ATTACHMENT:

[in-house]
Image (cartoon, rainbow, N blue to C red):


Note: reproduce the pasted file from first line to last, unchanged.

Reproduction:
[in-house]
Image (cartoon, rainbow, N blue to C red):